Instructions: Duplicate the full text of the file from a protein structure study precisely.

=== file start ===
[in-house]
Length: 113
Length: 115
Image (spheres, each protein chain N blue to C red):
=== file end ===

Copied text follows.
[in-house]
Length: 113
Length: 115
Image (spheres, each protein chain N blue to C red):